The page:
The plant and machinery belonging to Welsh firm Loseley Dairy Ice Cream has been sold to an undisclosed US company, FoodManufacture.co.uk has learnt.
Property and asset manager Edward Symmons said that, acting on behalf of administrator Portland Business and Financial Solutions, it had sold Loseley’s remaining assets – including its plant in Cwmbran – for more than £750,000.
Beechdean Farmhouse Dairy Ice Cream bought the firm’s brands, intellectual property and stock last month for around £450,000, after Loseley (which employed 83 staff) entered administration in April.
Edward Symmonds associate Glen Maxwell said: “We were instructed to use our extensive network of international contacts to secure a sale of the specialist food processing machinery from the company’s facility in South Wales, and were pleased to achieve more than three quarters of a million pounds for these assets.”
Loseley made ice cream under the Loseley, Granelli, Yorkshire Dales and Thayers brands, and also produces own-label ice cream for major supermarkets including Morrissons and Iceland.
Wiltshire firm Hill Station struck a £5.6m reverse takeover deal to acquire Loseley in the 2006, becoming the UK's third-largest ice cream business as a result; it subsequently adopted the Loseley name and consolidated production at Cwmbran.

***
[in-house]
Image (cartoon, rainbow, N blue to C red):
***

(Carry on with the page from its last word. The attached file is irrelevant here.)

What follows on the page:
However, more recently Loseley struggled to compete against larger rivals given widespread promotional activity within the retail sector, and in the 18 months to March 31 2010 recorded a £4.7m loss on a £8.7m turnover.
Soaring raw material costs have also beset smaller players in the sector, with the Ice Cream Alliance reporting that skimmed milk powder prices were up from £1,800/t in January to £2,900/t in April, while cocoa powder was up from £1,250/t to £3,600/t.
But FoodManufacture.co.uk understands that Loseley’s administration was ultimately the consequence of venture capitalist backer Acuity Capital withdrawing funding, after a partnership break up.
Beechdean md Andrew Howard told FoodManufacture.co.uk in May that the firm was planning a ‘super premium’ retail product to rival Haagen Dazs and Ben & Jerry’s, after its purchase of the Loseley brands.
Echoing the words of former Loseley md Neil Burchell, he said: “We want to reposition the Loseley brand back as a super-premium product, moving it away from the very difficult and competitive own-label sector that it had gone into in recent years.”